We all agreed that our relationship with normal gas suppliers was deteriorating daily. The news that the PUCO had agreed to allow them to increase delivery charges, when conservation is at its highest point ever,  does not bode well for natural gas prices this winter.  Additionally, the international news that Russia, Iran, and  Qatar are exploring the formation of a cartel much like OPEC for natural gas should concern us all.  Given the fact that the United States has a 3.5% reserve of the natural resource compared to the 60% the cartel would own  means that this commodity will only rise on the world markets just as oil did.  We will definitely not be controlling our destiny if we continue our dependency on natural gas.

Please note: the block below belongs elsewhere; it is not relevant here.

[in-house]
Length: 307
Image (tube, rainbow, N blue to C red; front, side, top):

One of our group mentioned Mr. Slim heat pumps good to 0 degrees Farenheit.  He said that the electricity is negligible to run the unit.  Right now, he personally uses two $120 electric heaters to heat his 900 square foot home.  He is looking for alternative sources for heating and cooling for his rental properties.  He believes that low energy bills will be a marketing point for getting and retaining good tenants.  We all agreed.

One of our friends installed a geothermal unit.  He said that it did his heart good when he finally received that first gas bill where they owed him.  So my questions are how do we leverage this discomfort with the old models of heating, how do we cut our dependence on natural gas, how do we continue to conserve energy, and how do we eventually get off the grid and form a new paradigm?  We need more instruction than layering of clothes.  HELP!!